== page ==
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Caroline Hawley in Egypt
"This has, for Madeleine Albright, been a successful visit - but the hard part comes now"
 real 28k

Thursday, 9 December, 1999, 17:59 GMT
Albright: 2000 'year of peace'

A Syrian flag flutters in a deserted town in the Golan Heights Confusion remains over the Golan Heights

US Secretary of State Madeleine Albright has ended her four-day Middle East tour by saying she hopes 2000 will be a year of peace for the region.

She was speaking in Egypt after Israel and Syria agreed to resume talks and she was given hopeful signs for Israel-Palestinian negotiations.

Middle East
The region was at a "historic crossroads", she said.

"With the leadership of Egypt and working together I believe we can seize the moment and help make the year 2000 a year of peace in the Middle East. Inshallah," she said.

Mrs Albright had flown to Egypt from Israel, where she helped broker the resumption of talks between Israel and Syria after a break of nearly four years.

She said she "got the sense" that Syria's and Israel's concerns could now be met through negotiations on four issues: withdrawal from Syrian territory, the character of the peace, security aspects for Israel, and a timeframe.

Palestinians reassured

She added that with negotiations resuming on the Syrian track, talks could soon resume between Israel and Syria's ally, Lebanon.

Albright: Sucess "if we can pull together"
And she also hoped that parallel Israel-Palestinian negotiations, which had become bogged down over Palestinian anger at Jewish settlements, would move forward.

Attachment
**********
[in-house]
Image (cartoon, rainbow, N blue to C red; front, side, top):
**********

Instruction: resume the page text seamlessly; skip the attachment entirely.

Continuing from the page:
"There is the same determination on the Israeli-Palestinian track with Chairman Arafat and Prime Minister Barak committed to reaching a framework agreement on permanent status issues by 13 February," she said.

She said she was very encouraged by a commitment made by Mr Arafat to continue with good faith negotiations "without interruption".

And she stressed that the Palestinians would not be forgotten as Israel and Syria moved peace forward.

Albright told Arafat the Palestinians would not be sidelined
Israel and Syria expressed similar optimism over their talks, which they agreed to resume in Washington next week.

Israeli Prime Minister Ehud Barak said he thought the talks had a high chance of success.

Syrian President Hafez al-Assad said he was determined to achieve a just and comprehensive peace.

Golan Heights issue

The talks are scheduled to begin in Washington with a meeting between Mr Barak and Farouk Shara, Syria's foreign minister, and then return to the Middle East.

Assad: "Determined" to find peace
However, there remains some confusion over the point at which the talks will start - in particular, over the key stumbling block of the Golan Heights.

Syria has maintained that talks would have to be based on an undertaking from Israel to withdraw from the land.

Israel, however, has denied that a pledge to withdraw from the territory, seized during the 1967 Arab-Israeli War, was a condition for resuming talks.

Barak: "Optimistic" of success
But the BBC's correspondent in Jerusalem, Hilary Andersson, says there is a consensus in Israel that the authorities have privately agreed to give away most - if not all - of the Golan Heights.

As for other reaction, Lebanon said the resumption of Israel-Syria talks was a victory for the "firm stance" of Beirut and Damascus - although the news escalated the fighting in the south of the country.

It said it hoped that its own talks with Israel would restart soon.

Egypt said the agreement was "an important step" toward a long-awaited comprehensive settlement.

The European Union also said it was "optimistic" about the talks' success, and added that it was "ready to give all the necessary support for a final settlement."

UN Secretary-General Kofi Annan congratulated Israel and Syria and said he looked forward to talks between Israel and Lebanon.

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See also:
09 Dec 99 |  Middle East
Analysis: Much at stake in talks
30 Jul 99 |  Middle East
Golan feels winds of change
23 Jul 99 |  Middle East
Profile: President Assad of Syria
09 Dec 99 |  Middle East
High hopes of Syrian peace
09 Dec 99 |  Middle East
Refugees warning for Arafat

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